Have you ever noticed how life seems to work in waves? You have a smooth period, where your everyday life moves onward without major wins or setbacks. You just wake up, go to work and come home like always. And then there are periods when everything, the good and the bad, seems to happen at once.
I sure have been living the latter period this past month. It has been crystal clear that when you win some, you also lose some. And as human beings we are very prone to concentrating on the negative feelings surrounding whatever we have lost rather than putting all our efforts to enjoying the wins at those moments.
Recent happenings have forced me to think about forgiveness. And before I knew it, I was writing down all the thoughts swirling in my head and drawing conclusions. I thought I’d share my findings with you here as well, in case there are others struggling with similar issues.
What is forgiveness?
You know that process where you accept the damage and hurt done to you and allow them to do it to you again.
That is what a lot of people think of when talking about forgiveness. But it couldn’t be more incorrect.
I know from personal experience, though, that at first forgiving can feel like you’d be giving up or accepting the wrong that was done to you. Forgiving someone sort of “let’s them get away with it“. Sounds familiar?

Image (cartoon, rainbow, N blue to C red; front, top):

Alas no, that is not the purpose, or the end result of forgiveness. By forgiving you do not allow the bad behaviour, and it doesn’t mean you should tolerate such in the future either. What it does instead, is to allow you to move forward.
The aforementioned mindset makes it impossible for you to ever learn to forgive anyone. Forgiving can be really hard and draining anyway, but learning to do so can save your life. Why?
Because forgiveness allows you to move past the wrongdoing, instead of hanging on to it and carrying it with you every single day, from one relationship to another. Bitterness is a feeling that makes forgiving really difficult, but at the same time all that bitterness is eating you from the inside, making you feel like shit.